Yes, it will be more convincing… to prove that interactive methods are better than traditional lectures. And although both studies concerned themselves with Physics – there is sure way to tell if this applies to, say Mathematics, Sociology, Philosophy or Fine Arts courses for instance – intuitively, it might make sense that they do (though interactivity will depend greatly on the nature of the subject.)

        Even if we were to conclude that the findings in these studies apply universally, that is still different from the statement that “lectures aren’t worth much for most learners.”

        That is a very strong premise, and it is one that does not follow from the conclusions of both studies. I mean, how could we quantify/qualify such a premise? How would one measure usefulness? With respect to what?

        My understanding – and common sense – tells me that open course ware material as one made available in iTunes and MIT are as reference material for self-learning and/or supplemental material for an student to use in addition to her actual classroom experience (independent of the nature of it.)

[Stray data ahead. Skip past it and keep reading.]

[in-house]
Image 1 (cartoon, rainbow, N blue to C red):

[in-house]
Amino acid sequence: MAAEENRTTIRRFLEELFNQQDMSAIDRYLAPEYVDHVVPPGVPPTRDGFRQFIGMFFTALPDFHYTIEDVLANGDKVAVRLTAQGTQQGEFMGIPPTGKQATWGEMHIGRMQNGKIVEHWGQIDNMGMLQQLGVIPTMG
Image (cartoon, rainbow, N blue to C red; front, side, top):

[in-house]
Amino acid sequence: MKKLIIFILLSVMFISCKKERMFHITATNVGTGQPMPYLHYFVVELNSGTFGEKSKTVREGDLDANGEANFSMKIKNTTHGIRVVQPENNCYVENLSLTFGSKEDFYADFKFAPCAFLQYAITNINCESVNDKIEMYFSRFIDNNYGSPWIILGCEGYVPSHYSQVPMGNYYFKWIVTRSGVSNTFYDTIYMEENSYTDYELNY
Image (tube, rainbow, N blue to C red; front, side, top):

Since that is the nature of such material – I cannot imagine anyone sane to consider such material as complete replacement to an actual class – I still don’t see how this ties with the findings in these two studies.

        Thanks for the link btw 🙂

        Reply
  • 6. Titus Brown  |  May 20, 2011 at 10:56 pm

    Is this the science link?

    http://news.sciencemag.org/sciencenow/2011/05/a-better-way-to-teach.html

    I didn’t see it in your post.

    Reply
  • 7. Titus Brown  |  May 20, 2011 at 10:57 pm

    I’d also be interested in links to examples or discussions of how to make courses more interactive. Want to try this in the fall.

    Reply
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  • 13. Make lectures compulsory? - reestheskin  |  April 28, 2013 at 6:37 am

    […] this over at http://www.reestheskin.me with links to citations. Similar debate about lectures over at computing education blog but without the compulsion […]

    Reply
  • […] I received had a great article about Carl Wieman, whom I have written about previously (here and here and here, for just three).  The story (online here: Crusader for Better Science Teaching Finds […]

    Reply